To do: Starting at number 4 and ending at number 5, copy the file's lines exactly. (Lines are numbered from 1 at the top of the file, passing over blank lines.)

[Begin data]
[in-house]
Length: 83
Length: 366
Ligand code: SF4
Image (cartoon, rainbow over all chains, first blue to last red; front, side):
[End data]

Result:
Ligand code: SF4
Image (cartoon, rainbow over all chains, first blue to last red; front, side):